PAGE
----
Community Center for Family Counseling

Building Strong Families:
Parent, Teacher, and Counselor Education at LCC

The Community Center for Family Counseling is sponsored by the Counseling Department and the Community Education and Economic Development Division at Lane Community College . Since 1957, our "Saturday Circus" parent education program, first at the University of Oregon and since 1978 at Lane, has helped thousands of participants dramatically improve family life with a practical and humane approach to parenting.

The class, affectionately known as the Saturday Circus, has become a Lane County institution serving multiple generations of parents and a diverse range of other interested participants. Typical participants include:

  • Students enrolled in the course for human relations credit
  • Parents who want to refine their parenting skills
  • Professionals who want to gain skills in human relations
  • Parents who are court ordered to take the course
  • Parents undergoing divorce
  • Teachers who want to use the skills in their classrooms
  • Early Childhood Education Care Providers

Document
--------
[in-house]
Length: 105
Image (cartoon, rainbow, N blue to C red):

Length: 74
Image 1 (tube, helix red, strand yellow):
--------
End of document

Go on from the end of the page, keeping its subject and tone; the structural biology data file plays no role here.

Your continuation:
• Counselors

Participants attend parent education/discussion groups from 9 a.m. to noon on Saturdays (9 a.m. to noon on Thursdays summer term). Formats for the groups are based on the theory and principles of Alfred Adler and Rudolf Dreikurs. Courses may be taken for credit through the Human Development Department (CG 211, CG 212).

The three-hour class is a combination of parenting counseling sessions and education in a classroom environment. In the class, parents, teachers, and interested others learn ideas and skills for strengthening relationships with pre-through middle-school-aged children. Typical problems (e.g. fighting, crying, sibling conflict, bedtime) are approached via activities, discussion and the use of real-life in-home video sequences. Participants view family counseling sessions, and participate in discussion and exercises to refine application of skills. In the counseling sessions parents describe problematic situations to the counselor/instructor and then together discuss principles and develop strategies for change.

Topics include the use of encouragement, dealing with power struggles, improving communication, setting reasonable and consistent limits, stimulating independence/responsibility, and improving structure and routine.